Mindset. It can be the difference between life and death. How we frame things in our heads can determine whether we live joyfully or with total drudgery. Special needs parenting is no exception to this rule.
When we begin this journey, it is a tragedy. No one wants to learn that their child will suffer or that something is not quite right. We grieve. We spend time coming to accept our new reality. Sharing the news with family and friends is one of our first difficult steps. Learning the whole new language of what it is we are dealing with becomes our task at hand. Our brains are on overdrive, attempting to make sense of the information we are receiving, then making our best decisions based upon that information. There are the burdens of doctors, therapists and treatments. There are the burdens of wrestling with the insurance company and/or aid programs for coverage. There are the burdens of advocating for proper education and adaptations in the school system. And there are the burdens of just trying to find some normalcy in family life.
While these challenges confront us in huge ways when our child is first diagnosed, they can revisit us throughout the parenting journey. Any time something new is introduced, we can find ourselves struggling with those same burdens again. When our child goes from elementary to middle school or from middle school to high school, we visit those battles again. If an additional diagnosis or health crisis arises along the journey, we are back to taking in voluminous amounts of information, trying to discern what choices will serve our child best. Losing funding from a program or a spouse changing a new job with new insurance can place us in a stressful situation once again.
But if we are in Christ, we can take heart! Our burdens can be transformed into tremendous blessings. The Lord actually prepared me for this prior to becoming a special needs mother. The friend who was responsible for bringing me to the Lord had introduced me to the book THE HIDING PLACE by Corrie Ten Boom. When I was expecting our second child, we began to meet every so often with our toddlers to discuss that book. One of the most striking stories for me within the book came when Corrie tells of a time she and her sister, Betsy, are ushered to a dormitory room at a concentration camp. They stand at the door and see straw, which serves as their mattresses on the bunk beds, literally moving because it is so filled with flees. While Corrie is repulsed, her sister, ever-focused on the Lord exclaims, "Thank you, God, for fleas." As the story progresses, the reader learns that the burden of fleas becomes a blessing in keeping the vicious guards out of the dormitory room. This allows the Ten Boom sisters to share the gospel message with the other prisoners, and it keeps every one of them free from abuse because the guards did not want to get bitten by fleas.
That story from THE HIDING PLACE never left me. When our second child was diagnosed at birth with severe hemophilia, my husband and I looked at each other through tears saying, "Thank you, God, for hemophilia. We don't know why we're thanking you, but we do." If we only knew then the blessings that would come from our burdened hearts! Life with our son has had its share of burdens. The same is true of our youngest daughter who has a multitude of other diagnoses. But because we have kept our eyes fixed on Jesus and have allowed Him to transform our minds, we are able to see the blessings in the darkness. They are too many to count, but allow me to name a few. We have had the great privilege of meeting some wonderful people and made enduring new friendships since our lives headed down this path. Our ability to handle adversity in our lives has grown. We are more joyful and grateful for even life's smallest gifts. Because of our children's diagnoses, we have traveled places we never would have gone otherwise. Our eternal perspective is enhanced and a unique connection with God developed because of our children's special needs. And, of course, this incredible ministry that the Lord has called us to wouldn't even exist if not for what we have endured. Having a front row seat to watch Him work through this ministry is one of life's greatest joys for us.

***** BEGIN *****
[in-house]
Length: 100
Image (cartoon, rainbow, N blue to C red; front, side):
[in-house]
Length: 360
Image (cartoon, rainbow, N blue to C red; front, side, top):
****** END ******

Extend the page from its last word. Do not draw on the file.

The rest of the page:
As I meet with our Board of Directors each year to cast a fresh vision for the months ahead, we seek to put the correct verbiage to what it is we are trying to accomplish. Our prayer is that every parent of a child with special needs would be able to journey from the place of seeing this as a burden to seeing it as a blessing. The only way that this can occur with any eternal value is to put into practice what we are told in Romans 12:2. Stop conforming to the patterns of this world -- patterns that would tell you that you could have terminated that pregnancy or that devalues your child's life; patterns that kindle bitterness, telling you that the world owes you something because your child has struggles; patterns that stay mad at God because you are convinced He did something rotten to you and your child. Instead, be transformed by the renewing of your mind -- be transformed into a good-finder; be transformed by knowing that God is the ultimate recycler, using bad circumstances to create something beautiful; be transformed by giving the Lord full sway over your thinking. This is how you go from burdens to blessings. I pray that you are on that path today.
PRAY: Father, all I can see is the bad surrounding me. I need You to change my mind. I trust You because I have nowhere else to turn. Show me the blessings in my burdens today.